The Genesis of Modern British Town Planning: A Study in Economic and Social History of the Nineteenth and Twentieth Centuries

The Genesis of Modern British Town Planning: A Study in Economic and Social History of the Nineteenth and Twentieth Centuries

The Genesis of Modern British Town Planning: A Study in Economic and Social History of the Nineteenth and Twentieth Centuries

The Genesis of Modern British Town Planning: A Study in Economic and Social History of the Nineteenth and Twentieth Centuries

Excerpt

T HIS book has been written in the belief that contemporary efforts to improve the quality of urban living are more closely linked to the experience of the last century and a half than is sometimes realised and that they can be fully understood only when set in the context of that experience. Not only our towns themselves but also the methods of improving them that seem both practicable and commendable are the legacy of the past. In surveying part of this legacy and presenting it in relation to the growth of the modern town-planning movement I have been to a considerable extent generalizing from and contrasting the histories of many different towns, as well as examining the ideas and influence of a wide variety of investigators and reformers. I have tried to give the generalizations and contrasts a firm basis of fact but it would, of course, be folly to claim that they rest on a completely exhaustive examination of all the possible sources. The materials of local history since 1800 are so vast that no one could hope to deal exhaustively with more than a very few districts, and though some important gaps have in recent years been most admirably filled, the history of many of the chief towns in this period has still to be made the subject of substantial secondary works. When these histories have been written it may well be that they will suggest changes in the emphasis of the present book, though I have tried to make my selection of material as representative as I could. In the meantime this study is offered as a preliminary survey of the ground.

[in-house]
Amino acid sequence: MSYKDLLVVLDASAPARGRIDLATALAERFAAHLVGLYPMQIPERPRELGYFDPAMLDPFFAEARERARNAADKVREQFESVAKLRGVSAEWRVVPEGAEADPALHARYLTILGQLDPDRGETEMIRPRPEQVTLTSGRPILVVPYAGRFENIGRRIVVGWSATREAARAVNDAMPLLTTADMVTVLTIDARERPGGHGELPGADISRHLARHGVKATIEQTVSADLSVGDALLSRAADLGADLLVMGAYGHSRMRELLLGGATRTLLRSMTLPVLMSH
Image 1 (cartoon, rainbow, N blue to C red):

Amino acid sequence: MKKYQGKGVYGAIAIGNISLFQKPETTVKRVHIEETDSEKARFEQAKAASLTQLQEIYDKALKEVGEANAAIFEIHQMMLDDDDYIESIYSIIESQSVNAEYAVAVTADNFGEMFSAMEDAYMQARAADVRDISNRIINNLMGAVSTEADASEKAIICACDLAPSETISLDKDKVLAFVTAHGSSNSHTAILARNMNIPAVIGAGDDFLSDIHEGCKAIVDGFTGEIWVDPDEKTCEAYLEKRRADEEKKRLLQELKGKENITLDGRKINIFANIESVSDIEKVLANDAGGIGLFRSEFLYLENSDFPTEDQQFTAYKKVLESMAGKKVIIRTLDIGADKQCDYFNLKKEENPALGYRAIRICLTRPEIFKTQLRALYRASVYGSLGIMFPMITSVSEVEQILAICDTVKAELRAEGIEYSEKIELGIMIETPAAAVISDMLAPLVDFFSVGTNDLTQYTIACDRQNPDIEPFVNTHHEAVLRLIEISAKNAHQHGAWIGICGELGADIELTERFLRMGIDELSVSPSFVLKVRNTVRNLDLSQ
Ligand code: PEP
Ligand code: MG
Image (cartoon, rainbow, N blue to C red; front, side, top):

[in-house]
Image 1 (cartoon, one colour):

Its preparation has involved me in debts which it is a pleasure to acknowledge. The book is a revised version of a thesis approved for the award of the degree of Ph.D. in the University of London in 1950. To the advice of my supervisor, Mr. H. L. Beales, and his curious and profound knowledge of Victorian social history it owes . . .

Author Advanced search

Oops!

An unknown error has occurred. Please click the button below to reload the page. If the problem persists, please try again in a little while.